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J Emerg Nurs. 2012 May;38(3):226-33. doi: 10.1016/j.jen.2010.09.003. Epub 2011 Jan 22.

Correlation between ED symptoms and clinical outcomes in the patient with aneurysmal subarachnoid hemorrhage.

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University of Pittsburgh School of Nursing, Pittsburgh, PA 15261, USA.



Aneurysmal subarachnoid hemorrhage (aSAH) is a devastating neurologic insult often presenting to the emergency department as a headache. Recognition and prompt treatment are important to good outcomes. The purpose of this analysis was to examine the presentation of aSAH patients to the emergency department and determine whether presentation predicts length of stay or death.


This is a retrospective review of data gathered from 2 existing studies. Data from patients diagnosed with acute aSAH were reviewed for symptoms, clinical presentation, history, demographics, and laboratory results. Statistical analysis was completed by use of χ(2) and regression analysis.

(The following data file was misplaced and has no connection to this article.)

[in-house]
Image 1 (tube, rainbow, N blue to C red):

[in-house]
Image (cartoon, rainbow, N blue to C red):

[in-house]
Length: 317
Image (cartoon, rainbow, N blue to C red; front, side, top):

This sample of 193 adult aSAH patients confirmed headache as well as meningeal signs as the most frequent symptom on presentation to the emergency department, and this was cited as the most common reason for seeking medical treatment. Symptom presentation did not appear to affect length of stay; however, survival analysis showed that patients who presented with a Hunt and Hess grade greater than 3 along with bradycardia were 15.6 times more likely to die within the first month of aSAH.


Although aSAH presentation remains the same, this analysis did find a correlation between poor clinical grade and bradycardia to be a significant predictor of death at 30 days. Additional study may help to determine whether any intervention could lessen this effect. Although patient diagnosis and referral from the community emergency department to a tertiary center were relatively quick, there was a wide window of time between patient recognition of symptoms and seeking medical treatment.

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